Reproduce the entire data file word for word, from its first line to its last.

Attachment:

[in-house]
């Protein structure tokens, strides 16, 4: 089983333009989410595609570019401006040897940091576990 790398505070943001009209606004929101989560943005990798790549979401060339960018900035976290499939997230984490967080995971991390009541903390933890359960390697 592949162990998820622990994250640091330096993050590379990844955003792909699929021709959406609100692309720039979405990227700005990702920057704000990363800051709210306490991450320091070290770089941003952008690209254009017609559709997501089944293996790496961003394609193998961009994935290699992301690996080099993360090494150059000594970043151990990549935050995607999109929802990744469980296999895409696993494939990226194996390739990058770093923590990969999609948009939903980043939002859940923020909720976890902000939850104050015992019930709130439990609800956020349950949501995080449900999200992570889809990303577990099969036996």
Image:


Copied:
[in-house]
């Protein structure tokens, strides 16, 4: 089983333009989410595609570019401006040897940091576990 790398505070943001009209606004929101989560943005990798790549979401060339960018900035976290499939997230984490967080995971991390009541903390933890359960390697 592949162990998820622990994250640091330096993050590379990844955003792909699929021709959406609100692309720039979405990227700005990702920057704000990363800051709210306490991450320091070290770089941003952008690209254009017609559709997501089944293996790496961003394609193998961009994935290699992301690996080099993360090494150059000594970043151990990549935050995607999109929802990744469980296999895409696993494939990226194996390739990058770093923590990969999609948009939903980043939002859940923020909720976890902000939850104050015992019930709130439990609800956020349950949501995080449900999200992570889809990303577990099969036996």
Image: